We believe that women & girls can reach their full potential when systems are designed to include their experiences and voices, and existing patriarchal systems are disabled. Our programs expand access to justice and human rights education by using evidence-based solutions that are institutionalized in local communities affecting millions of women & girls.
We believe that the identity of marginalized communities must be safeguarded. This happens when their ethnic, national, religious, linguistic, political, or cultural backgrounds are not seen as antithetical to the State, but rather, as a driving force towards creating a pluralistic society. Ensuring equal dignity for minorities helps to ensure just and equitable systems.
The U.N. Universal Periodic Review (UPR) mechanism is central to how we monitor discrimination globally because of its universal coverage of human rights issues and ability to track States who have explicitly agreed to address human rights gaps by reforming their domestic policy. We train law students and civil society on law as an invaluable advocacy tool.
We’re thrilled to share that Nazdeek has reached the final stage of the Namati Justice Prize! The Prize honors grassroots organizations across the globe who are finding ways to put law into people’s hands. We're one of the 26 organizations shortlisted for the 2015 edition of the Prize - and we need…
To be a professor of color at Columbia University and to be studying race-related topics is to be thoughtful almost all the time—as you will discover when listening to this conversation between drug expert Carl Hart and social work professor Courtney Cogburn, now a "Social Work Matters" podcast.
Good piece (and this rare for a CNN article) on the implications of climate change on lower lying islands. ICAAD and our partner law firm, Colin Biggers & Paisley (CBP) based out of Australia, are looking at the legal framework, or lack thereof, that would protect those who are in danger of seeing their homeland disappear. This article asks good questions about what is the responsibility of nations, like the U.S., that bear significant responsibility. More importantly, it shows the struggle of having to decide whether to abandon an important part of themselves . . their identity, the part that is inextricably tied to the land, for the safety of their family. ... See MoreSee Less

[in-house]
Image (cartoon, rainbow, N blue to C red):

It's one of the clearest injustices of climate change: The Marshall Islands likely won't exist if we warm the planet 2 degrees. I traveled to the remote Pacific to learn what it's like to try to process that doomsday forecast. And why some people already are making the painful decision to leave. You…
The final paragraph of Justice Kennedy's decision in the legalizing same-sex marriage will live on through the centuries:
"No union is more profound than marriage, for it embodies the highest ideals of love, fidelity, devotion, sacrifice, and family. In forming a marital union, two people become something greater than once they were. As some of the petitioners in these cases demonstrate, marriage embodies a love that may endure even past death. It would misunderstand these men and women to say they disrespect the idea of marriage. Their plea is that they do respect it, respect it so deeply that they seek to find its fulfillment for themselves. Their hope is not to be condemned to live in loneliness, excluded from one of civilization’s oldest institutions. They ask for equal dignity in the eyes of the law. The Constitution grants them that right. The judgment of the Court of Appeals for the Sixth Circuit is reversed. It is so ordered." ... See MoreSee Less
Justice Anthony Kennedy, who authored today’s ruling legalizing same-sex marriage throughout the United States, is sometimes made fun of for his notoriously purple prose. But today he managed to close his opinion with one of the most beautiful passages you’ll likely read in a court case. I teared up…